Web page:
Saturday, March 29, 2008

Bangalore will emerge as a major corporate destination…’

Bangalore will emerge as a major corporate destination…’
The city is emerging as a commercial hotspot in the region. People from all over the country come here looking for opportunity. Harish Bijoor, brand strategy expert, shares his thoughts on what Brand Bangalore is all about, in this chat with Sangeeta Cavale Radhakrishna

What kind of impact would the international airport have on Brand Bangalore?
I believe the new Bengaluru International Airport gives the city of Bengaluru a visiting card that proudly states the arrival of a happening city that has much to offer India and to the world at large. The new airport facility with its ease of use, its up-dated technology and its promise of a seamless travel experience, complements the many other facilities that have fallen into place in air travel in India. Almost every airline has bent over backwards offering the best of seamless air travel experience. Now, with the arrival of this swanky new facility in Bangalore (and of course the updated facilities at Hyderabad and Mumbai), yet another link in creating that complete travel experience of high quality is almost here. In many ways this airport will become the bench-mark for the definition of easy travel and convenience to all the other projects that have the potential of emerging once this is up and running.
The impact of this swanky new facility on Brand Bengaluru is inestimable. Across the profile of 12 million plus travellers in the immediate short term, and across a spectrum of possibility of a 25 percent growth in terms of number of users every year, the airport spells good news.
What impact will Brand Bangalore have on the world map as an IT hub?
If you map the travel-in and travel-out profile of the international visitor to the city, business traffic far out-weighs tourist traffic. If you dig deeper at the numbers and segregate business travellers into and out of the city, you will find the IT, ITeS, biotech and knowledge sectors of the economy dominating.
The IT traveller is the bulwark of all travel into and out of this city. The new airport will help continue and accentuate the IT-dominated image of the city. The 40 billion dollar IT exports industry owes a substantial chunk of its input and output to Bangalore city.
Will Bangalore emerge as a bigger corporate destination?
Yes it will. Bangalore today enjoys an image as an international corporate destination due to its IT industry. But there is more to Bangalore. Corporate activity out of the city will be all about several industries with an export of products and services bias.
Biotech is one such field. Apart from ITES, retail, and entertainment (particularly the animation industry), medical tourism will be big from here as well. From dental tourism to cosmetic surgery to real true blue surgery of the heart and brain kind, to replacement surgery even, of the knee and hip kind.
Bangalore will emerge as a major corporate destination. The climate has helped. The culture of the people has helped too. Add to it the educational belt that surrounds this city, spread out in centres close to the city such as Mysore, Mangalore, Hubli, Dharwad, and indeed every other educational hub of Tamil Nadu, Kerala and Andhra Pradesh, just across seamless borders.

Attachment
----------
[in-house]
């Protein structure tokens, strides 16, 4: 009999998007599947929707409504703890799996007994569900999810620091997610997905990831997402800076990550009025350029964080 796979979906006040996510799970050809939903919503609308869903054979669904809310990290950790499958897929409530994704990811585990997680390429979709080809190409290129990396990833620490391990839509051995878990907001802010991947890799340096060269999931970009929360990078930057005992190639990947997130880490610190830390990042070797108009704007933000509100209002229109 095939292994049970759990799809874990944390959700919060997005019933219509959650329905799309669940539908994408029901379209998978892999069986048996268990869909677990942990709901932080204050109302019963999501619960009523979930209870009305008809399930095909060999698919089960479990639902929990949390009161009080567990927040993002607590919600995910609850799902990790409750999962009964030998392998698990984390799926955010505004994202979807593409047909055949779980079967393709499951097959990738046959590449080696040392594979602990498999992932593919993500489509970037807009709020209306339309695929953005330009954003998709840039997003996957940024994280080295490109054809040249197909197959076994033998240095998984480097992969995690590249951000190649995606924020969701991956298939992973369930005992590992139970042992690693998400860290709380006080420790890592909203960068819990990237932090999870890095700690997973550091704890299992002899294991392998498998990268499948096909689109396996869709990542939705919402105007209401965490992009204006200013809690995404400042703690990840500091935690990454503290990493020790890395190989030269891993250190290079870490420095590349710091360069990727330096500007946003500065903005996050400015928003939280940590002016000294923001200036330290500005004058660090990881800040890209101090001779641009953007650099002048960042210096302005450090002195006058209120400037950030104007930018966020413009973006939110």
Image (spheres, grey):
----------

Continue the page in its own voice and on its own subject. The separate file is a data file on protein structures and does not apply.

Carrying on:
What will the Metro Rail Project do for the city?
'Namma Metro' will add to the public transport the city has been raising for decades now. Phase I of the project itself provides for connectivity that is impressive. Namma Metro will knit the city and bring in a sensible culture of using public transport in the city. Everyone wants their own set of wheels. Nobody wants to use public transport, simply because of the inconvenience, unreliability and issue of status. This causes the mess on our roads.
Namma Metro holds the potential of reversing the situation. If the Metro can get those who drive the swanky cars at a snail's pace on Bangalore roads onto a faster and more convenient mode of travel called the Metro, the task has been successful.
The solution to tackling the traffic chaos of Bangalore city is not in widening our roads and laying them one over the other in layers of flyovers. When you put up a wide new road, it works well for six months. And then, the road gets filled with more and more vehicles. The only solution lies in reducing the number of private wheels on the roads and increasing the public wheels. The Metro offers one such solution.
Will the city grow as an investment destination?
Most certainly yes for all the reasons I have stated. The investment climate in Karnataka is booming. Retail is flourishing, so much so that all outlets of the retail world are starting their India operations first in Bangalore. Corporate offices want to locate here. The employee market is hot. Employees from all over India want to stamp a stint in Bangalore on their resumes.
Today, Brand Bengaluru is a slick city with a slick and efficient work ethos and practice. This is a happening place to be in.
Do you see Bangalore emerging as a global commercial hub?
This is possible. We need to improve our infrastructure in a major manner before this happens. We are competing with Beijing, Shanghai and Dubai on this count.


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